# Probabilistic Classification Task

A Probabilistic Classification Task is a supervised classification task that is a probabilistic prediction task (with a probability value requirement).

**AKA:**Class Prediction with a Probability Value.**Context:**- It can (typically) require a Probabilistic Classification Model.
- It can range from being a Fully-Supervised Probabilistic Classification Task to being a Semi-Supervised Probabilistic Classification Task.
- It can range from being a Probabilistic Binary Classification Task to being a Probabilistic Multiclass Classification Task.
- It can be solved by a Probabilistic Classification System (that implements a probabilistic classification algorithm).

**Counter-Example(s):****See:**Machine Learning, Statistical Classification, Probability Distribution, Ensemble Classifier, Conditional Probability, Bayes Estimator, Binomial Regression, Statistics, Econometrics, Discrete Choice, Naive Bayes Classifier, Logistic Regression, Multilayer Perceptron.

## References

### 2014

- (Wikipedia, 2014) ⇒ http://en.wikipedia.org/wiki/probabilistic_classification Retrieved:2014-11-10.
- In machine learning, a
**probabilistic classifier**is a classifier that is able to predict, given a sample input, a probability distribution over a set of classes, rather than only predicting a class for the sample. Probabilistic classifiers provide classification with a degree of certainty, which can be useful in its own right, or when combining classifiers into ensembles. Formally, a probabilistic classifier is a conditional distribution [math]\operatorname{P}(Y \vert X)[/math] over a finite set of classes , given inputs . Deciding on the best class label [math]\hat{y}[/math] for can then be done using the optimal decision rule^{[1]}:[math]\hat{y} = \operatorname{\arg\max}_{y} \operatorname{P}(Y=y \vert X)[/math]Binary probabilistic classifiers are also called binomial regression models in statistics. In econometrics, probabilistic classification in general is called discrete choice.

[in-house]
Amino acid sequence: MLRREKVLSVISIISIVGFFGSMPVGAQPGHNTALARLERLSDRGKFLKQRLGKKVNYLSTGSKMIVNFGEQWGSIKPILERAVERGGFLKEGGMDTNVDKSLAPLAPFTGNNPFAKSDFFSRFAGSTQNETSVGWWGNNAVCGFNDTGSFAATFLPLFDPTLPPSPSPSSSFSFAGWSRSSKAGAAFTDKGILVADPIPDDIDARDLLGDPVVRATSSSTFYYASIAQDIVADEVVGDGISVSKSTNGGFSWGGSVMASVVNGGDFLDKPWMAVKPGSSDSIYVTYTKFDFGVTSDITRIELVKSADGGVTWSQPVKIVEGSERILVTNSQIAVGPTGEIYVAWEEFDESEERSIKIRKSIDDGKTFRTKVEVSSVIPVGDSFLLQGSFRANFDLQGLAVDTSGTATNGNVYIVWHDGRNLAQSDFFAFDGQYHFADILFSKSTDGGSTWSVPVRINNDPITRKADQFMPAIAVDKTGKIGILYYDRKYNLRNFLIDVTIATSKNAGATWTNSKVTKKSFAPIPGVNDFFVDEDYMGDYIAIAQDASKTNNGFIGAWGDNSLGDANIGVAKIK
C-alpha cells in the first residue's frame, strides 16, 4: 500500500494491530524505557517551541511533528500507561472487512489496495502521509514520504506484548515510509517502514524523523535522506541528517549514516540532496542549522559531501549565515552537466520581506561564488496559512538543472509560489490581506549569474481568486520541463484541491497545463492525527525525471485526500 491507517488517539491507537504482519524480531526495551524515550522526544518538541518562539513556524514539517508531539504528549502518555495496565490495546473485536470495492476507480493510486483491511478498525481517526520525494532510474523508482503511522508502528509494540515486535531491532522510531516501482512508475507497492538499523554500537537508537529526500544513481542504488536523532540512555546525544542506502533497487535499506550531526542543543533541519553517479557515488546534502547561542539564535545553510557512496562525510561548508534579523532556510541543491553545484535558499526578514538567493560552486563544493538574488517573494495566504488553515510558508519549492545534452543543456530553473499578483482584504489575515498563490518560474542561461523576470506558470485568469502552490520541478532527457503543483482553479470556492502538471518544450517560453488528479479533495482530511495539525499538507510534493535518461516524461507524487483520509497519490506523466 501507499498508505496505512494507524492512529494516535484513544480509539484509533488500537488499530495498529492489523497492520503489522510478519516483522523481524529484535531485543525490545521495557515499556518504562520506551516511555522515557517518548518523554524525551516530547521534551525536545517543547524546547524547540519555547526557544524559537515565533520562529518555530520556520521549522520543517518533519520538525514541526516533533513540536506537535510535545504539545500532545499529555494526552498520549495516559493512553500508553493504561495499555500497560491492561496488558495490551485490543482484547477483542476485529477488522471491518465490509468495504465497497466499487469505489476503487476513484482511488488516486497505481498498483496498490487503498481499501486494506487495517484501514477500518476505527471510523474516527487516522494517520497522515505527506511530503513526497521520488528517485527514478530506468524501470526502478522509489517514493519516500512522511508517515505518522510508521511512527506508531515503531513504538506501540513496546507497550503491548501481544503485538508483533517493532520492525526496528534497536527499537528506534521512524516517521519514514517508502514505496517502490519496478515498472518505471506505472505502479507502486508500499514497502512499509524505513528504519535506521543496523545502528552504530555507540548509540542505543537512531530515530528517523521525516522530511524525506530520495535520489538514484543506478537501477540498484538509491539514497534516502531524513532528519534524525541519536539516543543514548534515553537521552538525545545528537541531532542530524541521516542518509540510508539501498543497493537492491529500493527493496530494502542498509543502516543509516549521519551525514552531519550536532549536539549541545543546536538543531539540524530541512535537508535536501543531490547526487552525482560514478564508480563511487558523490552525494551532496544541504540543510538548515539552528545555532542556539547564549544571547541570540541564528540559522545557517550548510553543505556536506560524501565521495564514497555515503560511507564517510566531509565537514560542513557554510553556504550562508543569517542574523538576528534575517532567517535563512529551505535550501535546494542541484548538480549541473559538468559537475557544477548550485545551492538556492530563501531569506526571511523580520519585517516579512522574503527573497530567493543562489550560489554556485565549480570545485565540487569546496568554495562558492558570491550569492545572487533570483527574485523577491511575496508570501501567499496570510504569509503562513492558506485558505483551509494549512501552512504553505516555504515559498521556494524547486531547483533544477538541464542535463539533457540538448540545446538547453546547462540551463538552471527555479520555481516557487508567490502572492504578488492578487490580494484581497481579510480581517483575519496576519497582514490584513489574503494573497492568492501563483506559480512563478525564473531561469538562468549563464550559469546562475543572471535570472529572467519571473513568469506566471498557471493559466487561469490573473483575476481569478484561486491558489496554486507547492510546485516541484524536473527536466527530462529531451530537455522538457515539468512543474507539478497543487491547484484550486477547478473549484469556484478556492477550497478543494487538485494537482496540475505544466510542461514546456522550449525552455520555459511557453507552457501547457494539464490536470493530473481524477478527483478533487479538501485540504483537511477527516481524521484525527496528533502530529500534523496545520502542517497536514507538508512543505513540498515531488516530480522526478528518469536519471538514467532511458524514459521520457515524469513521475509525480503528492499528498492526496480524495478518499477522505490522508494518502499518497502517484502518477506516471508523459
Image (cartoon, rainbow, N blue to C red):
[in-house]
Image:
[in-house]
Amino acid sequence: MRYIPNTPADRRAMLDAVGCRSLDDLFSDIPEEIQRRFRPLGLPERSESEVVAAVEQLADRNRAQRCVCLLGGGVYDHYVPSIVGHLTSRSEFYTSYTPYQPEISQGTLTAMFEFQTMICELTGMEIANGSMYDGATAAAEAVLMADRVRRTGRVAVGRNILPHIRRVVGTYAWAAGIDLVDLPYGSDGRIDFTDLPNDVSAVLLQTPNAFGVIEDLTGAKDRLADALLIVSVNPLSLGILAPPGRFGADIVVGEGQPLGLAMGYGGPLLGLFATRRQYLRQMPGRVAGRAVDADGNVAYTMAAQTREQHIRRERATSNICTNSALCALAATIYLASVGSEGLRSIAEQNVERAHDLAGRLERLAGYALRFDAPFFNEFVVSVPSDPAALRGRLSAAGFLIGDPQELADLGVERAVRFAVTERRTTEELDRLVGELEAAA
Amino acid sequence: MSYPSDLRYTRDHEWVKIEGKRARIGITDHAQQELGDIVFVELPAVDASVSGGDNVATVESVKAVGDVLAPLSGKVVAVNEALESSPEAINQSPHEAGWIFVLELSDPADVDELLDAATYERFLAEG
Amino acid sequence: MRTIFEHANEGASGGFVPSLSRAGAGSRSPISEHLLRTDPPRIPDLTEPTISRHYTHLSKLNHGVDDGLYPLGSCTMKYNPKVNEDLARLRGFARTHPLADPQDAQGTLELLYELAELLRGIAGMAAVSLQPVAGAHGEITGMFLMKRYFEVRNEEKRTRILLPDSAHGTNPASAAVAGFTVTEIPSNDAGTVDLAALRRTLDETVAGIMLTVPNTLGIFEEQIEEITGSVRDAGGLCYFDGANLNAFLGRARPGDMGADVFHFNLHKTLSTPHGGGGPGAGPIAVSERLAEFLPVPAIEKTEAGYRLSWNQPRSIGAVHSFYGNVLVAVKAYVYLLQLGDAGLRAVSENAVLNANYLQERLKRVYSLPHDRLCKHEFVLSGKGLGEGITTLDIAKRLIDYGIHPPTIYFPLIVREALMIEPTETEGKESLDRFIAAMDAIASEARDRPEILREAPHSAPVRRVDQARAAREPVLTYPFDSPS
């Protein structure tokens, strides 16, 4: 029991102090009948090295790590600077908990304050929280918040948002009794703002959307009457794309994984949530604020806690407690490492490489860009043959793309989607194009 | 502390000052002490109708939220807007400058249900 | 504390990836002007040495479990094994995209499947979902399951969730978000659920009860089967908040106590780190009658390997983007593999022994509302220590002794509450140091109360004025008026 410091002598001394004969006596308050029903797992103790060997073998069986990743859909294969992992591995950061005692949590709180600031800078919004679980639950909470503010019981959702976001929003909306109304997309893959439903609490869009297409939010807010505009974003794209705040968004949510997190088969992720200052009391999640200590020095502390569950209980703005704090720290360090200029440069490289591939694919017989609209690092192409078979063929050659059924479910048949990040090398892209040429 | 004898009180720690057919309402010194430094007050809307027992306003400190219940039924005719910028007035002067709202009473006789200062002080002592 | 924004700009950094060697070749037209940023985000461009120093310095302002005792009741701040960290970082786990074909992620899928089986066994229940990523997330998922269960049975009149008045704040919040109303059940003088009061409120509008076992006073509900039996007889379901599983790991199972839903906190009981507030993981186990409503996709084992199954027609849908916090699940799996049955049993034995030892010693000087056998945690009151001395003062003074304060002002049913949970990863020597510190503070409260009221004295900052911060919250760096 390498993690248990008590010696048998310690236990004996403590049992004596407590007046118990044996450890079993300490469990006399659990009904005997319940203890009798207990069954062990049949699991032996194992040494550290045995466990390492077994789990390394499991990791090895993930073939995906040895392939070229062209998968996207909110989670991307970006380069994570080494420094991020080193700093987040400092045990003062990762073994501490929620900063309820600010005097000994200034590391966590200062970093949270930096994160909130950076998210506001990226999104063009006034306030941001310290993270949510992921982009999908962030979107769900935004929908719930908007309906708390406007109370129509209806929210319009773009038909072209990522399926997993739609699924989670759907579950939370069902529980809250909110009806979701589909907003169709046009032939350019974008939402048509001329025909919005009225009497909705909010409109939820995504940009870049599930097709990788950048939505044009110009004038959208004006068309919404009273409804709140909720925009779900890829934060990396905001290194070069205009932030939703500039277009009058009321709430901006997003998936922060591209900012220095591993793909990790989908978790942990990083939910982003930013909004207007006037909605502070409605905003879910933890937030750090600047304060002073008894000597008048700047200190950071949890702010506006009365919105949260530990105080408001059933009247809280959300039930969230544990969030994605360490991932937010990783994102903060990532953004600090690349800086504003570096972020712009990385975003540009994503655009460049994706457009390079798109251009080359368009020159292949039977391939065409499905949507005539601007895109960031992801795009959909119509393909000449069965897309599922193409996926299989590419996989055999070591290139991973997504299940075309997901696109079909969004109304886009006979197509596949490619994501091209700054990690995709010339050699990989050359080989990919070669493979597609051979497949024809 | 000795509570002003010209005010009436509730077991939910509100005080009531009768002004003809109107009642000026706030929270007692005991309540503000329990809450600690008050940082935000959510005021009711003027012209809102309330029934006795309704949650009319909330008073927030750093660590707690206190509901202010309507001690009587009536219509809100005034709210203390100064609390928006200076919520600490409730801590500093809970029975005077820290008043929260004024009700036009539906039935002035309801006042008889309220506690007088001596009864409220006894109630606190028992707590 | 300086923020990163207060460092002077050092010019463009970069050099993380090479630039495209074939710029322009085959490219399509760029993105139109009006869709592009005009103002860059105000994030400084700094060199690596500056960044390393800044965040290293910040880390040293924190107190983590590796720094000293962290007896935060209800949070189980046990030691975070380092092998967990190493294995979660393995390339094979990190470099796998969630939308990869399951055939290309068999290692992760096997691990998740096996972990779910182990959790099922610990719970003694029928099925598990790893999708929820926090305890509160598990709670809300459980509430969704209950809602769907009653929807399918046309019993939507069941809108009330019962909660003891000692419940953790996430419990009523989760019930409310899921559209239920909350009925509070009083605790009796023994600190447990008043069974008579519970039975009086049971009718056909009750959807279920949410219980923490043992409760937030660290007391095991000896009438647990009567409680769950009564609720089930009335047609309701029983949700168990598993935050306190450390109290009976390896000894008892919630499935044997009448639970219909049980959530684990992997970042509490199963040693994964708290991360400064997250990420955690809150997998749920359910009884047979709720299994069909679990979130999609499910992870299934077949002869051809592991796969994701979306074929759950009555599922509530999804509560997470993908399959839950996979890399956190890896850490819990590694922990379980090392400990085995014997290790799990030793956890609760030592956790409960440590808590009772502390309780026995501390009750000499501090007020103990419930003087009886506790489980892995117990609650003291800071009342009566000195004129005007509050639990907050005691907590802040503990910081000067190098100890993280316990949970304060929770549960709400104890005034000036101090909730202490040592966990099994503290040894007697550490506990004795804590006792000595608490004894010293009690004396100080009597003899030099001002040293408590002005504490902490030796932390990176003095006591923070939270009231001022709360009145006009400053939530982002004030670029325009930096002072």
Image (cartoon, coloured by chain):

Some classification models, such as naive Bayes, logistic regression and multilayer perceptrons (when trained under an appropriate loss function) are naturally probabilistic. Other models such as support vector machines are not, but methods exist to turn them into probabilistic classifiers.

- In machine learning, a

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